The ban, which affects 54 counties, is part of the Georgia Environmental Protection Division’s effort to reduce ozone and particle emissions that are most dangerous during warm weather months.
The ban extends through Sept. 30 and prohibits residents and businesses from outdoor burning of yard and land-clearing debris. The rule is in addition to a statewide, year-round ban on burning household garbage. Some actions, such as campfires and agricultural activities, are exempt from this ban.
Particle pollution can increase the risk of a heart attack. In the summer, nitrogen oxides combine with fumes from fuels, paints and vegetation to form ground-level ozone, which contributes to respiratory ailments.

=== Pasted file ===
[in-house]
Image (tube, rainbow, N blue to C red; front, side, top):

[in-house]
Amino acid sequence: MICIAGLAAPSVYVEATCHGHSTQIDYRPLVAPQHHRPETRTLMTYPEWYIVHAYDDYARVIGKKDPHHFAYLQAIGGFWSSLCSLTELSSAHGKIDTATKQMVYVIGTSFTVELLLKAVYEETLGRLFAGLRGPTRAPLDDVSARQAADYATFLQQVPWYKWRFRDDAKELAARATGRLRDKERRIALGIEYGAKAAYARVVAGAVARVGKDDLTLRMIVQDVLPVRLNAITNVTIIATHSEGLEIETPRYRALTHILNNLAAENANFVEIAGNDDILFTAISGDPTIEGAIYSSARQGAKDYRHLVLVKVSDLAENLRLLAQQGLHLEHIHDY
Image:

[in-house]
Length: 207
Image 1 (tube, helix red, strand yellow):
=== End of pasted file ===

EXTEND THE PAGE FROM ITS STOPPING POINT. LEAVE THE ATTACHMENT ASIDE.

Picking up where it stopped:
Most counties, including Richmond and Columbia, are under rules that require a free, daily permit before burning. Anyone planning to burn yard debris during the final week can obtain a permit online at www.gatrees.org.
With the results of the 2010 U.S. census, six new counties in Georgia have populations over 65,000 and are now subject to restrictions that require - in addition to the seasonal outdoor burning ban - the use of an air curtain destructor for land clearing activities. Those counties are Barrow, Bulloch, Newton, Troup, Walker and Walton.
People, particularly children, are more apt to be outdoors during May through September. It is during this time that ozone and particle pollution are generally higher than the rest of the year.
The open burning ban began in 1996 with the 13-county metro Atlanta area and expanded to other parts of the state in 2005.